European Central Bank chief Mario Draghi has given some details of his plan to “save the euro”.
The bank will buy government bonds of struggling eurozone countries such as Spain and Italy that are due to mature in one to three years.
But Draghi said there will be strict conditions; in essence any country that asks for ECB help to ease its borrowing costs must agree to economic reforms in return.
The ECB also believes the eurozone economy will probably contract more than previously expected this year.
It also raised its outlook for inflation for 2012/2013 and kept interest rates on hold, leaving its main rate unchanged at 0.75 percent.
The bond buying programme is intended to reduce the borrowing costs of particularly Spain and Italy. That will buy time for the EU to come up with a longer-term response to the bloc’s debt crisis.
The strict conditions were to address German concerns, but even so Draghi said the decision of the Governing Council was not unanimous and it is presumed that it was Jens Weidmann of the Bundesbank who dissented.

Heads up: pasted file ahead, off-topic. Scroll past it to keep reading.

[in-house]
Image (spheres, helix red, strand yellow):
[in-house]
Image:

The ECB said it expected a very gradual economic recovery and revised down its forecasts for gross domestic product (GDP) for this year to a fall of between 0.6 percent and 0.2 percent.
ECB President Mario Draghi said the forecasts also showed a range of between -0.4 percent to growth of 1.4 percent.
The bank’s previous forecasts three months ago had been between -0.5 to 0.3 percent for 2012 and 0.0 percent to 2.0 percent for 2013.
“We expect the euro area economy to recover only very gradually,” Draghi said.